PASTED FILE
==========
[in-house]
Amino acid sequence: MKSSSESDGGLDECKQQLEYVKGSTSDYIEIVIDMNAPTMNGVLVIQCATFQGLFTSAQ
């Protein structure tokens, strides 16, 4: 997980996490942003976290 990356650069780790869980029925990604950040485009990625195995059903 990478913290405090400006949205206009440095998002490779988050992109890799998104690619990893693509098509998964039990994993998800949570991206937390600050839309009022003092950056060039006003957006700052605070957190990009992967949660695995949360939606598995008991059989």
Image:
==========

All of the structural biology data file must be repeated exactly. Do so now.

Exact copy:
[in-house]
Amino acid sequence: MKSSSESDGGLDECKQQLEYVKGSTSDYIEIVIDMNAPTMNGVLVIQCATFQGLFTSAQ
């Protein structure tokens, strides 16, 4: 997980996490942003976290 990356650069780790869980029925990604950040485009990625195995059903 990478913290405090400006949205206009440095998002490779988050992109890799998104690619990893693509098509998964039990994993998800949570991206937390600050839309009022003092950056060039006003957006700052605070957190990009992967949660695995949360939606598995008991059989």
Image: